“Empowering our executives in social is one of the most powerful ways to tell our story,” says Sam Sova.
We don’t ghostwrite for any of our executives. We train them and let them be authentic.
Johnson Controls’ Director of Global Social Media and Web Content, Sam Sova, explains that the company was going through some major changes to share a more cohesive brand story and humanize the company.
And their new CEO, Alex Molinaroli, who was already active on Twitter, got the ball rolling with everyone else by pulling together an executive leadership team made up of the top 100 leaders in the company. Each of these executive leaders was assigned a communications partner to help them start telling the company story. Instead of getting them started with social media from scratch, Sam’s team attached a social component to this overall communications program.
- Leadership landscape: Share examples from who is already doing this at other companies
- Content strategy: Build a content strategy based on the objectives they have as an executive
- Increase impact: Train them to use the channels in a hands-on, one-on-one environment
- Mitigating risk: Help them feel comfortable and give them good insight on stuff to avoid
Sam’s team worked individually with each executive to help them define a content strategy.
- They started by helping them identify an audience: Are they most interested in talking to customers, employees, or the industry at large?
- Then, they defined their individual objectives: What are their goals for being on social media? (For example, Alex wanted to show that he was a family man in addition to being an executive.)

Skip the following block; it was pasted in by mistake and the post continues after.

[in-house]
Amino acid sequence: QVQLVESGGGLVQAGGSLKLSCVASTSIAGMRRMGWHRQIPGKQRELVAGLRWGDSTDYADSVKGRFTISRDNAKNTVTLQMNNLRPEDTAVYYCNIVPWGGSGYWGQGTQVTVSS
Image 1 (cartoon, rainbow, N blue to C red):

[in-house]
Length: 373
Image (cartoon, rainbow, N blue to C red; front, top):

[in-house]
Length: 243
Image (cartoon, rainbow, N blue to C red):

- Those steps helped them determine their main focus areas: Sam’s team came up with four different content themes for each executive and gave them a one-page handout with content ideas on those themes.
To take it from “good to great,” they worked with executives on the content they’d already published and talked about how to make it better. Sometimes, Sam explains, that meant simply getting on the phone and explaining how to tag someone or mention them in a tweet.
“Just those little tips helped make each of them much better contributors,” Sam says.
They also created a short checklist to help executives mitigate risks.
Sam says, “This checklist was especially important, because we don’t ghostwrite for any of our executives. We train them and let them be authentic.”
He says that freedom to be authentic has led to posts from executives no marketing team would have dreamed up. For example, one executive’s personal style is to share selfies, while their CEO’s tweets are all over the board from sports commentary to conference live tweeting, photos of geese on the property, and a meeting with a long-time employee.
How do they keep up that momentum? Command walls.
“We call them command walls because.. that’s just what we call them,” Sam laughs.
These command walls are actually 70-inch touch-screen TVs sharing a split screen of Johnson Controls’ content and an unfiltered stream of brand mentions from their listening tools. They’re strategically located to keep social on everyone’s mind.
“Our executives pass this every day so it’s kind of a reminder that ‘maybe I should tweet something today’ or ‘maybe I should look at what’s going on.'”
He says some executives’ admins have seen them scrolling through the screens for 20 minutes at a time, engrossed in what people are saying.
One of the program’s biggest signs of success: Media attention.
One of Sam’s biggest signs of success with the program is when the media references their CEO’s tweets in big announcements, like the company’s deal with JCI Interiors in China.
But it’s not just the media, their executives’ tweets are also inspiring employees to get social.
In fact, the employee featured in this video created a Twitter account just to thank Alex for tweeting about his story.
Sam says, “We think the impact our executives are making is huge.”